Philanthropy and Pluralism: Diversity that does not Divide

Tuesday, April 12 - 7:30-9:30 a.m.

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Ambassador Joseph Rallies Listeners to Imperative of Inclusion

The commanding voice of Ambassador James A. Joseph echoed through the ballroom as a respectfully rapt audience absorbed his powerful message: Egalitarian pluralism needs to enrich, not divide.

"We are a badly divided nation in a badly divided world," said the former U.S. ambassador to South Africa, now a public policy professor at Duke University. "We are divided by the way we think or whether we think at all. We are divided by ideology, theology, and the tension between the private virtues we affirm and the private values we practice.

"The anxiety we feel," he added, "is the result of the influence of a struggling economy, what war is doing to our soul as a people, and our tendency to delegitimize those with whom we differ. We are anxious about being anxious!"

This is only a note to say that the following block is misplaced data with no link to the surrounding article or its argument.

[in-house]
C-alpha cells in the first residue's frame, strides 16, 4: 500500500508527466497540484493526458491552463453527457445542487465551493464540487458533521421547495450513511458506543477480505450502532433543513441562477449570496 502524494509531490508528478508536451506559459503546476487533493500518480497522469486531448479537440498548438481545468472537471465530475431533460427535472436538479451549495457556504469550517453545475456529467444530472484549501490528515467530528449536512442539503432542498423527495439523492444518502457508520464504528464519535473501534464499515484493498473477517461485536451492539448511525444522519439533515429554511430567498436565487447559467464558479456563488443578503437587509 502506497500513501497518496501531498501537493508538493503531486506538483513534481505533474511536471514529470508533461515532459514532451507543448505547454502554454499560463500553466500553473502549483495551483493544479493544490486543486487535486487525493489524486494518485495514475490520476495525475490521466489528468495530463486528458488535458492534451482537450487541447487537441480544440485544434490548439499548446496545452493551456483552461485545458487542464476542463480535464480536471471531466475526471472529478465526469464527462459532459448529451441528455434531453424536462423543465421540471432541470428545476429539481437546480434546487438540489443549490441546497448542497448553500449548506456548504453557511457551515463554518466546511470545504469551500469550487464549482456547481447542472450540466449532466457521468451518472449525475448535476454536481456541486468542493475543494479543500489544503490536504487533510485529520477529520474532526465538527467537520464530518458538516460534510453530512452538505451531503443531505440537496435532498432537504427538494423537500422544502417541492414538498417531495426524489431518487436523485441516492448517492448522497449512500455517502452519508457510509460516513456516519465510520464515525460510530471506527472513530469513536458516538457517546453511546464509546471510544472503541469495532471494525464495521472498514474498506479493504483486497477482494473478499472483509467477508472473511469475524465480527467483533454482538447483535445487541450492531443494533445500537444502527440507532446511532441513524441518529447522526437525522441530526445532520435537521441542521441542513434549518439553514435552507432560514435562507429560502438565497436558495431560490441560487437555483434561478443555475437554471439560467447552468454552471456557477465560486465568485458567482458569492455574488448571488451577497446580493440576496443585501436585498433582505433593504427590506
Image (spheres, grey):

"I want to be a Christian without it being more difficult for you to be a Jew, a Muslim, or a Buddhist." -Ambassador James A. Joseph

Joseph challenged conference participants to "move from promoting diversity as a value to implementing it as a process." We can make this a benefit or a burden, he said. Colorblindness ignores reality, so we need to value our differences. The longtime president and CEO of the Council suggested that foundation chief executives and trustees must dismiss the notion that all staff members desire to be the same.

"I want to be a Christian without it being more difficult for you to be a Jew, a Muslim, or a Buddhist," he said to applause.

Joseph advised that those who practice inclusion must know that conflict and failure come with the territory. The larger the presence of identity groups, he said, the larger the potential for conflict. Yet "conflict is one stage on the road to where diversity does not divide."

Inspired by an authoritative and compelling speech, attendees rose to give an extended ovation.

View Joseph's Plenary Remarks.